Fermilab leads in developing software for LSST Dark Energy Science Collaboration

From left: Fermilab’s Jim Kowalkowski, Marc Paterno, Saba Sehrish, Steve Kent, all of the Scientific Computing Division, and Scott Dodelson, Particle Physics Division, contributed to DESC as part of its Software Working Group, which Dodelson leads. Photo: Rich Blaustein

At the supercomputing conference SC14, held in November, Fermilab astrophysics and computing experts achieved a milestone with a demonstration run of the analysis framework software they are developing for the Dark Energy Science Collaboration (DESC) of the Large Synoptic Survey Telescope.

The LSST, whose construction is led by SLAC National Accelerator Laboratory, is currently in the advanced design phase and will be placed in Cerro Pachon, Chile. It will be the tool for the world’s largest imaging survey, taking repeated images of the southern sky beginning in 2020.

The software and data processing demands for the DESC are challenging, to say the least.

“LSST will truly be a next-generation survey: It will surpass preceding surveys in terms of data size in its first few months of operation,” said University of Pennsylvania astrophysicist Bhuvnesh Jain, spokesperson for the Dark Energy Science Collaboration.

More than 200 scientists from five countries are currently involved with DESC, and Jain expects the number of scientists involved in DESC to double in the next decade.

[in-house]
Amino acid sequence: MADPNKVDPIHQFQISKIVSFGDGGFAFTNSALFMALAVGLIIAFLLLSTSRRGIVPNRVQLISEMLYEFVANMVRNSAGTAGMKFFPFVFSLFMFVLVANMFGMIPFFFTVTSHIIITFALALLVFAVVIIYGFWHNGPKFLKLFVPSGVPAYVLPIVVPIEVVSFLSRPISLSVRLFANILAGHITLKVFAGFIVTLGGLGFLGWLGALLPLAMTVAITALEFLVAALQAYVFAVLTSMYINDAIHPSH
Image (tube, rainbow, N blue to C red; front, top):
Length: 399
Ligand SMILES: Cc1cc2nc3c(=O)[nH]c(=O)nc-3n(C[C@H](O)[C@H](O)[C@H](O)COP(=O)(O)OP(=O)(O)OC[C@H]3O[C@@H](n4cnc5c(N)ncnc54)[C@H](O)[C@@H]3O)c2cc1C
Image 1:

Fermilab astrophysicist Scott Dodelson, convener of the DESC Software Working Group, says the group is designing a framework for all DESC scientists that will facilitate their collaboration and use of tools built by the LSST project team. Steve Kent, Jim Kowalkowski, Marc Paterno and Saba Sehrish, all in Fermilab’s Scientific Computing Division, worked to develop the DESC framework. Sehrish ran the November demonstration.

The framework links some programs specifically produced for LSST with others written externally or by the scientists themselves. It runs them on supercomputers, networks such as FermiGrid and local resources.

“The scientists running the DESC workflows will not have to worry about details such as file transport or access to supercomputers to do their dark energy science,” Paterno said. “We demonstrated how this could be done.”

Dodelson and Kent say that the demonstration was very successful and bodes well for the DESC.

“The demo was an end-to-end simulation of LSST data and science analyses — that was the really important thing,” Kent said. “It was a walking-through of all the steps and with an eye on eventually expanding to the LSST scale.”

The group ran simulated images through the interlinked software until at the end it was run through CosmoSIS, a cosmological parameter estimation program to which Dodelson, Kowalkowski, Paterno and Sehrish have contributed.

The DESC Software Working Group is currently developing another version of the demonstrated framework for the DESC scientists to consider at their February gathering at SLAC.

Jain said that innovative DESC software will enable explorations of the many astronomical mysteries that LSST will open up.

“The work of the Fermilab group is really going to pave the way for a new mode of doing software analyses and how people collaborate,” Jain said. “I think it will have far-reaching implications for how we do cosmology.”

Rich Blaustein